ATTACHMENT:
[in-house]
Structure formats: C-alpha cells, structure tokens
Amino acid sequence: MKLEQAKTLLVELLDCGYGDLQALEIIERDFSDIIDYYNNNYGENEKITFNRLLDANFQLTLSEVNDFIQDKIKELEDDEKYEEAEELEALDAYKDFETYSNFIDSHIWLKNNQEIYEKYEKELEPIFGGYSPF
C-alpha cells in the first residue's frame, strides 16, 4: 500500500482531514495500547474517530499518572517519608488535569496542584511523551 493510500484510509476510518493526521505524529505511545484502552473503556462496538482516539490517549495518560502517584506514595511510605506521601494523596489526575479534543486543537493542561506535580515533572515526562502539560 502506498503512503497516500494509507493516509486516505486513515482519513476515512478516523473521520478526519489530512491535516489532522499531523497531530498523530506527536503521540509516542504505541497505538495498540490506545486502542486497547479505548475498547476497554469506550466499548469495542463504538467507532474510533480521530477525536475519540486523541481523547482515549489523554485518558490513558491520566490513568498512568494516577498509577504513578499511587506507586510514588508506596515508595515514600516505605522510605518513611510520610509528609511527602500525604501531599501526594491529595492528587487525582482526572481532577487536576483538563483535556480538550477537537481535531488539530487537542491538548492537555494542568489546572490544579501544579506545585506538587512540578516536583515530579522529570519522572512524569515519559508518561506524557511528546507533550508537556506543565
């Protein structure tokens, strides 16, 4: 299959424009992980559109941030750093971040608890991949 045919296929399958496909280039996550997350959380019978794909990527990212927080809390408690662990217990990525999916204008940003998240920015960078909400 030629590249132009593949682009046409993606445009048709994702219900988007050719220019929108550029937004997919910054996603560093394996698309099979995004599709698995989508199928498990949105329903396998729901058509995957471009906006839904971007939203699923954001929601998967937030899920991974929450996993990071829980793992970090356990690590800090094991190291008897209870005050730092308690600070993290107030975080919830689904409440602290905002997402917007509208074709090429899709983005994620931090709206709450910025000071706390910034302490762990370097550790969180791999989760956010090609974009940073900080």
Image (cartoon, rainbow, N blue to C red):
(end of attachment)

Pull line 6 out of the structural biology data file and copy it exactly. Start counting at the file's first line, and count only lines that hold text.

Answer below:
Image (cartoon, rainbow, N blue to C red):